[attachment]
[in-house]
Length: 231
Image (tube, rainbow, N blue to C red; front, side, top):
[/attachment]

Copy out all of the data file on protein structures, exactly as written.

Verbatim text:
[in-house]
Length: 231
Image (tube, rainbow, N blue to C red; front, side, top):